I am using neighborhood balls to define continuity. Are these definitions of pointwise continuous and uniform continuous correct?

I seem to understand topology more than analysis and was wondering if these definitions of continuity, which to me have more a topological flavor, are correct.

Suppose $X$ and $Y$ are metric spaces and let $f: X \to Y$.

$f$ is pointwise continuous on $X$ if:

for all $x \in X$ and for all $\epsilon>0$, there exists $\delta>0$ such that $B_\delta (x) \subset f^{-1}(B_\epsilon(f(x)))$.

$f$ is uniformly continuous on $X$ if:

for all $\epsilon>0$, there exists $\delta>0$ such that for all $x \in X$, $B_\delta (x) \subset f^{-1}(B_\epsilon(f(x)))$.

• Yes. Looks fine to me! – Dzoooks Jun 27 '18 at 23:55

Yes ,I would agree they are correct; in essence they differ by the placement of the $\forall x$ quantifier, you could say.
The first can be made really topological because the $\delta$ varies by point, and so is just another way of saying "some neighbourhood of $x$". If we denote by $\mathcal{N}_X(x)$ the set of all neighbourhoods of $x$ in a space $X$, the regular continuity can be formulated as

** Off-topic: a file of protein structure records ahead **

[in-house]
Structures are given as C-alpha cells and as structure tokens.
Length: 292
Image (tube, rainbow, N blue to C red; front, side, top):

$$\forall N \in \mathcal{N}_Y(f(x)) \exists N' \in \mathcal{N}_X(x): f[N'] \subseteq N$$ where the last inclusion could also have been written $N' \subseteq f^{-1}[N]$, to stay closer to your formulation.
The second one is not topological, but a notion that belongs to so-called uniform spaces, spaces with a uniform structure. If I choose the "entourages"-view so that $(X,d)$ has a metric uniform structure $\mathcal{E}_d$ generated by entourages of the form $\{(x,y): d(x,y) < \varepsilon\}$ etc. we formulate the uniform continuity as
$$\forall U \in \mathcal{E}_{(Y,d)}: (f \times f)^{-1}[U] \in \mathcal{E}_{(X,d)}$$ which looks like normal continuity between topological spaces (inverse image of a "special" subset in the co-domain is "special" in the domain).
The notion is not purely topological because the global "narrowness" $\delta$ cannot be really stated as a condition on open sets, but needs the metric here.